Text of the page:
Smack / May 23, 2014 / 2:30 pm

Kobe Bryant Will “Have To Change His Game” If Byron Scott Coaches Lakers

Kobe Bryant, Kyrie Irving, Byron Scott

Kobe Bryant, Kyrie Irving, Byron Scott (Gary A. Vasquez-USA TODAY Sports)

Former shooting guard for the “Showtime” Lakers teams of yore Byron Scott interviewed for the Lakers’ coaching vacancy on Tuesday this week. Scott said Kobe Bryant will “have to change his game” if he’s hired as coach, which could represent a challenge for Lakers brass if Kobe’s involved in choosing the next coach.

Scott confirmed the interview on Sirius XM’s Coaches Corner radio show:

“I had a great time talking with those guys,” Scott said, by way of Mark Medina at Los Angeles Daily News. “Obviously I go way back with Mitch [Kupchak]. We were teammates for a while and won a couple of championships together, so it was good. That’s basically all I can tell you. It was good, I had a lot of fun talking to them. Hopefully we’ll be talking again soon and we’ll see what happens.”

He also opened up about the position while on ESPN Los Angeles’ 710 FM as tweeted out by producer Karlo Sy Su:

That last quote is a doozy. Kobe famously clashed with Mike D’Antoni‘s up-and-down style, which wasn’t the type of basketball he wanted to be playing when he’s turning 36 in August. Keep in mind, Kobe idolized Mike before he came to the Lakers because the mustachioed coach starred in Italy when Kobe was growing up there as an adolescent.

So for Scott to publicly say Kobe would have to change his game so late in his hall of fame career, could mean the Lakers go elsewhere when hiring a coach.

Kobe recently told Jimmy Kimmel he wasn’t consulted on the Lakers’ last two coaching hires (Mike Brown and D’Antoni), but that he hoped to have a say in this recent coaching search.

Lakers GM Mitch Kupchak has been pretty adamant Kobe will have no bearing on the hire, though.

The only other person interviewed this week was former Clippers (and Lakers) coach, Mike Dunleavy, Sr., but the eldest Dunleavy didn’t speak with co-owner Jerry Buss, like Scott did during his vetting process.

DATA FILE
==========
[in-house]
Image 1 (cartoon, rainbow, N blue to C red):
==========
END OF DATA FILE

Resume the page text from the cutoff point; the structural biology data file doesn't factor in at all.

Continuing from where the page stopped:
Magic Johnson who was vocal about his displeasure with LA’s last coach, appeared cheery at the news Scott had gotten the full treatment from the Lakers.

Scott teamed with Magic in the Lakers’ backcourt after the departure of Norm Nixon for those dynastic Lakers teams from the 1980s. The two even teamed with Kareem Abdul-Jabbar to form the third-winningest playoff trio in NBA history.

If Mamba isn’t happy during the last two seasons of his hall-of-fame career, will Scott even be able to control next season’s Lakers team?

(H/T B/R)

Is Scott a good choice, considering a possible conflict with Kobe?

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  • SweetdickWilly

    Byron Scott is a good coach but he’s a guy that would need to have whatever organization he works for support him since we’ve seen that star players (Jason Kidd & Kyrie Irving) do tend to get him fired because he’s the type that’s more consistent in holding everyone accountable and that’s why he consistently improves teams.

  • Erad

    Well guess who won’t be coaching the Lakers next season? You’d think he’d have more sense than to say something like that aloud.